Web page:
Bitter Music's equivalent, appearing partway through the barren techno tundra of "I Just Can't Win," is a bit less poetic. The sample is from British pop artist Peter Blake, talking about responses to his collage work: "People said, 'Why'd you stick the things on, why didn't you paint them?' And when I do paint them they say, 'Why did you bother to paint them, why didn't you stick them on?' Just can't win." Wells loops the quote in the track's breakdown, so that Blake is doomed to endlessly get it wrong—first by sticking, then by painting. At some point the kick drum starts up again and the whole thing trudges bleakly on.
The rest of the album follows this depressive cue. The roiling anger of The Power And The Glory has been replaced with deadened drumwork and empty space, and the last sparks of dance floor funk have been extinguished. Wells' starting point was "the micro politics of personal relationships," and in places Bitter Music sounds like a break-up record with grim industrial shades (see "Look What Your Love Has Done To Me," featuring a deadpan Gazelle Twin). But the last year's various political upheavals led Wells to turn back to the bigger picture. The title of "Unelected" will resonate with followers of current British politics—compare its cold, spartan stomp to the cackling "David & George," from the last album. So will "Exit" (from a relationship, or from the EU?).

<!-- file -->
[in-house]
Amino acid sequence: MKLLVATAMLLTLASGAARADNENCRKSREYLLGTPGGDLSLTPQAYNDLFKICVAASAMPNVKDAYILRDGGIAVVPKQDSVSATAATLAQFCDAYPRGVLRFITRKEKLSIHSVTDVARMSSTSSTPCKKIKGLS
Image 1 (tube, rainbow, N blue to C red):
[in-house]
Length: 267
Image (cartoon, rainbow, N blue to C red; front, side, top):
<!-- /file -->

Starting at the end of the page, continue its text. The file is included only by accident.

Accompanying this, Wells' sound has a distinctive new twist. The album began life among the salvaged Radiophonic Workshop gear at Stockport's EVE Studios. On tracks like "Chatter" and "Rat Run," spring reverb tails and smoky clanks try to float free of techno's pulse. On the likes of "Wax Apple," where sour piano chords spar with grubby feedback trails, they succeed. The results are fresh and fascinating, but rarely offer the aggressive hit you might expect from Wells' music. When they come close, as on the manic "Spit," something seems different. The dark ecstasy of, say, The Power And The Glory's "Take Your Body Off" has been replaced with a pummelling inevitability.
Wells has resisted laboured connections between his music and British politics, but his albums have nonetheless paralleled the way things have gone. His first album appeared a year after the Conservatives took power. His second expressed growing anger. His latest reflects a post-Brexit curdling of the mood. In recent weeks, a snap election has been called, and we may be facing a rout of the British left, a "hard Brexit" and decades of economic and social decay. Wells' remorseless new album might be the sound of us marching towards this grim fate, unable to turn away.